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Re: [Xen-devel] HVMLite / PVHv2 - using x86 EFI boot entry

On Wed, Apr 13, 2016 at 05:08:01PM -0400, Konrad Rzeszutek Wilk wrote:
> On Wed, Apr 13, 2016 at 10:40:55PM +0200, Luis R. Rodriguez wrote:
> > On Wed, Apr 13, 2016 at 02:56:29PM -0400, Konrad Rzeszutek Wilk wrote:
> > > On Wed, Apr 13, 2016 at 08:29:51PM +0200, Luis R. Rodriguez wrote:
> > > > On Mon, Apr 11, 2016 at 07:12:08AM +0200, Juergen Gross wrote:
> > > > 
> > > > > What would be gained by using the same entry but having two different 
> > > > > boot
> > > > > paths after it?
> > > > 
> > > > Its a good question. In summary for me it would be the push for sharing 
> > > > more
> > > > code and the push for semantics on early boot to address differences
> > > > proactively, and ultimately it may enable us to help bring closer the 
> > > > old PV
> > > > boot path closer.
> > > 
> > > But why? We want to kill PV (eventually).
> > 
> > Yeah yeah, but its still there, and we'll have to live with it for
> > at least minimum 5 years I hear. Part of my interest is to see to it
> > that this path gets less disruption and issues, and we also address
> > dead code issues which pvops simply folded under the rug. The dead code
> > concerns may exist still for hvmlite, so unless someone is willing
> > to make a bold claim there is none, its something to consider.
> What is this dead code you speak of? Is it MTRR? Is early path code
> that PV misses (like KASL or other?)

Kasan is dead code to Xen. If you boot x86 Xen with Kasan enabled
Xen explodes. Quick question, will Kasan not explode with HVMLite ?

MTRR used to be dead code concern but since we have vetted most of that code
now we are pretty certain that code should never run now.

KASLR may be -- not sure as I  haven't vetted that, but from
what I have loosely heard maybe.

VGA code will be dead code for HVMlite for sure as the design doc
says it will not run VGA, the ACPI flag will be set but the check
for that is not yet on Linux. That means the VGA Linux code will
be there but we have no way to ensure it will not run nor that
anything will muck with it.

To be clear -- dead code concerns still exist even without
virtualization solutions, its just that with virtualization
this stuff comes up more and there has been no proactive
measures to address this. The question of semantics here is
to see to what extent we need earlier boot code annotations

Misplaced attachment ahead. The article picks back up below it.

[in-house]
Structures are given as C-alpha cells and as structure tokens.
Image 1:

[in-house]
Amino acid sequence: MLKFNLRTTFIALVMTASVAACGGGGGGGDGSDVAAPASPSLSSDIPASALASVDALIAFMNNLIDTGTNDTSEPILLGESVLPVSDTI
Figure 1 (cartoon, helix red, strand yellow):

to ensure we address semantics proactively.

> The entrace point in Linux "proper" is startup_32 or startup_64 - the same
> path that EFI uses.
> If you were to draw this (very simplified):
> a)- GRUB2 ---------------------\ (creates an bootparam structure)
>                                 \
>                                  +---- startup_32 or startup_64
> b) EFI -> Linux EFI stub -------/
>        (creates bootparm)      /
> c) GRUB2-EFI  -> Linux EFI----/
>                stub         /
> d) HVMLite ----------------/
>       (creates bootparm)

b) and d) might be able to share paths there...
d) still has its own entry, it does more than create boot params.

> (I am not sure about the c) - I would have to look in source to
> be source). There is also LILO in this, but I am not even sure if
> works anymore.
> What you have is that every entry point creates the bootparams
> and ends up calling startup_X. The startup_64 then hit the rest
> of the kernel. The startp_X code is the one that would setup
> the basic pagetables, segments, etc.

Sure.. a full diagram should include both sides and how when using
a custom entry one runs the risk of skipping a lot of code setup.
There is that and as others have pointed out how certain guests types
are assumed to not have certain peripherals, and we have no idea
to ensure certain old legacy code may not ever run or be accessed
by drivers.

> > How we address semantics then is *very* important to me.
> Which semantics? How the CPU is going to be at startup_X ? Or
> how the CPU is going to be when EFI firmware invokes the EFI stub?
> Or when GRUB2 loads Linux?

What hypervisor kicked me and what guest type I am.

Let me elaborate more below.

> That (those bootloaders) is clearly defined. The URL I provided
> mentions the HVMLite one. The Documentation/x86/boot.c mentions
> what the semantics are to expected when providing an bootstrap
> (which is what HVMLitel stub code in Linux would write against -
> and what EFI stub code had been written against too).
> > 
> > > > I'll elaborate on this but first let's clarify why a new entry is used 
> > > > for
> > > > HVMlite to start of with:
> > > > 
> > > >   1) Xen ABI has historically not wanted to set up the boot params for 
> > > > Linux
> > > >      guests, instead it insists on letting the Linux kernel Xen boot 
> > > > stubs fill
> > > >      that out for it. This sticking point means it has implicated a 
> > > > boot stub.
> > > 
> > > 
> > > Which is b/c it has to be OS agnostic. It has nothing to do 'not wanting'.
> > 
> > It can still be OS agnostic and pass on type and custom data pointer.
> Sure. It has that (it MUST otherwise how else would you pass data).
> It is documented as well 
> http://xenbits.xen.org/docs/unstable/hypercall/x86_64/include,public,xen.h.html#incontents_startofday
> (see " Start of day structure passed to PVH guests in %ebx.")

The design doc begs for a custom OS entry point though.
If we had a single 'type' and 'custom data' passed to the kernel that
should suffice for the default Linux entry point to just pivot off
of that and do what it needs without more entry points. Once.


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